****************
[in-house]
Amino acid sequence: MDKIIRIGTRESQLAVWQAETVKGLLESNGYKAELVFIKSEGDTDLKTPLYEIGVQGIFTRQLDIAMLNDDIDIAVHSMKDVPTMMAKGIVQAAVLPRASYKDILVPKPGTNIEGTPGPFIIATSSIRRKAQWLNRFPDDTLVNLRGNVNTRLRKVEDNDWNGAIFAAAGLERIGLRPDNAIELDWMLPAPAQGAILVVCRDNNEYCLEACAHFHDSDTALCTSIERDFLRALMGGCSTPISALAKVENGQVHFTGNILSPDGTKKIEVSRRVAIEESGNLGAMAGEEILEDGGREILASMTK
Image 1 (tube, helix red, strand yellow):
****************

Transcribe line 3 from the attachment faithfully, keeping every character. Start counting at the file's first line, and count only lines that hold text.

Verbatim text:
Image 1 (tube, helix red, strand yellow):